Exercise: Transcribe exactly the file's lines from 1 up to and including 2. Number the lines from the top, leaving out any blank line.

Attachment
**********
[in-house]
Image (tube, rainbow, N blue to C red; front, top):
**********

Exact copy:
[in-house]
Image (tube, rainbow, N blue to C red; front, top):